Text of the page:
My motionless body lies inside the octagon. I am on my back, in a state of total disorientation, hardly registering what is going on around me. I feel neither my legs nor arms and can barely hear any sounds. My eyes are closed, and when I squint them open, all I can see is a brightly illuminated ceiling. And I think I can see the stars in it. The man has already been working on me for a good 30 minutes and is now towering over me, slowly helping me get up. I follow him on weak legs, and a moment later, a stream of cold water hits me directly in the face. He wraps me tight in a towel, carefully walks me to the next room, sits me down, and hands me a glass of strong tea.
-So, how did you like your first Turkish hammam experience?
-Ummm…. ahhhh…. ohhhh…
I am too relaxed to say anything remotely cohesive, and simply raise a thumb up, a universal sign of approval.
Earlier that day, after visiting the ancient Greco-Roman town of Pergamon in the morning, we were driving towards our next AirBnB in Selcuk and had a couple of extra hours to spare. The town of Manisa was only a short detour away, and the Lonely Planet guidebook described it as home to an impressive 16th-century mosque and a Turkish bathhouse (hammam) that required advanced reservations.
Before our trip to Türkiye, we did not know anything about Manisa, but the town played an important role in Turkish history. Known in ancient times as Magnesia, during the Ottoman Empire, Manisa was a training place for future sultans. One of the sultans, Murad III, was even born and spent his childhood here, and acted as governor of the Manisa province before assuming his sultan duties. Muradiye Mosque was built on his orders. Having visited the impressive mosques of Istanbul before, we did not have lofty expectations. Can a small mosque in some provincial Turkish town compete with Istanbul’s masterpieces? Turns out, it can! Designed by Mimar Sinan, who was one of the fathers of classic Ottoman architecture, and whose apprentices later went on to design Istanbul’s Blue Mosque, Muradiye Mosque is a pure treasure. Small and intimate inside, it dazzles with an impressive mihrab wall of beautiful and colorful Iznik tiles. The colors are so intense that you start wondering whether you are in a mosque or at a Turkish spice bazaar. We sat on the floor and took in the craftsmanship and the exquisite beauty of this little jewel box of a mosque.
Right next to Muradiye Mosque was another old, but much simpler, mosque and …finally another advertised attraction, a double-domed Sultan Hammam! Despite soaking in sulfur bathhouses of Tbilisi, Japanese onsens, and Eastern European banyas, our knowledge of a Turkish hammam was very limited. Other than knowing it existed, we did not know much about what it entailed, the general layout, and the etiquette one must follow inside. And here it was! The Turkish hammam. It was the chance for us to find out what it was. But the problem was we did not have a reservation.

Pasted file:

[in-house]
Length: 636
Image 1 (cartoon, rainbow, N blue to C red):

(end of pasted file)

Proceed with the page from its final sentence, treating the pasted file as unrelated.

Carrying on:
We decided to try our luck and dropped by to see if we could get in without an appointment. The building had two entrances on opposite sides: one for men and one for women. I approached the men’s entrance, peeked inside, and carefully asked if anyone spoke English. There were several men wrapped in towels inside, who chatted among themselves in Turkish, and then a moment later an energetic Turkish man sprang out.
-Hello! What? Reservation? No, you don’t need a reservation!! Please come in!! Where are you from? Do you want some tea?
Although we were already ready and excited for the hammam, the man nonetheless, in the best traditions of Turkish merchants, embarked on a sales pitch. He emphasized that the hammam was one of the oldest in the country, nearly 500 years old, and boasted that people come to Manisa from all over the world to experience it. He also recommended getting a VIP package for 800 Turkish liras per person (approximately, $30). We gladly agreed to buy a VIP package, whatever it was.
At this point, Julia and I separated, and Julia went to the women’s section on the other side of the building. I was ushered inside, to the general changing area, where individual changing rooms and a tea lounge were located. Men were sitting around, drinking tea, watching TV, and simply chatting, relaxing, and chilling in the lounge. One person was loudly snoring in the corner.
After I changed and left my belongings in the locker, the attendant took me to the next section of the building, where the dry sauna was located. The room was small, hot, and pleasantly smelled of timber. Nobody else was there, so I stretched out on wooden benches like a happy Istanbul cat. The attendant left me there for the next twenty minutes and when came back, he found me sweating profusely while breathing in and out hot air.